J.Stephen Brantley (Playwright/Actor) Off-Broadway: The Directors Co production of Murder In The First at 59E59, and Theatre 167's Pirira at West End Theater. Regional: The Night Alive at Guild Hall, Of Mice And Men at Bay Street, Slap & Tickle at Provincetown Theater, and Romeo And Juliet with its zombie sequel R & J & Z at Stonington Opera House. Brantley has also worked with Big Dance, CapsLock, Ensemble Studio Theatre, and Jewish Plays Project, and at venues including Queens Theatre, LaMaMa, Metropolitan Playhouse, The New Ohio, P.S.122, and Soho Rep. His plays include Billy Baal, Blood Grass, Break,Chicken-Fried Ciccone, Eightythree Down, Furbelow, and Pirira. Brantley is an eight-time New York Innovative Theatre Award nominee, and winner of the Micheál MacLiammóir Award for Best Actor at the 2013 Dublin International Gay Theatre Festival. He is the Producing Artistic Director of Hard Sparks and a member of the Indie Theatre Hall Of Fame. www.jstephenbrantley.com

David Drake (Director) is an Obie Award-winner for his long-running solo show The Night Larry Kramer Kissed Me, David is thrilled to helm J.Stephen Brantley's The Jamb, having developed and directed Brantley's acclaimed musical memoir Chicken-Fried Ciccone for the 2014 FRIGID Festival (which received two NYIT Award nominations). David has twice been a directing fellow at the Sundance Theater Lab, as well as residencies at DTW and the KimMel Center. He developed and directed The Be(a)st of Taylor Mac (New York Times, TONY, New Yorker Critic's picks) which played Under the Radar at The Public before an extensive global tour, as well as the world premiere of Mac's Obie Award-winning epic The Lily's Revenge at HERE. Most recently, David gender-swapped production of Oscar Wilde's The Importance of Being Earnest broke box office records at the historic Provincetown Theater on Cape Cod this past spring. Meanwhile, at Joe's Pub for the past year, David has been the writer and director of Migguel Anggelo's Another Son of Venezuela (NY Magazine Critic's Pick), which, this summer, launched its first international tour in Russia.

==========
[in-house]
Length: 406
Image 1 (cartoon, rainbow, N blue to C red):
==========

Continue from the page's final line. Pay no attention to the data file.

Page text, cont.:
FRIGID NEW YORK is a theater development group with a focus on new work that produces a massive quantity of stimulating downtown theater every season. FRIGID's Resident Artist Program offers a home to a select group of Independent theater artists, pooling together a great deal of talent and energy. FRIGID New York grew out of the annual FRIGID Festival, the first and only festival of its kind in New York City to offer artists 100% of their box office proceeds, and Horse Trade Theater Group, a self-sustaining theater development and management group.

The Jamb is made possible in part with public funds from Creative Engagement, supported by the New York City Department of Cultural Affairs in partnership with the City Council and administered by Lower Manhattan Cultural Council.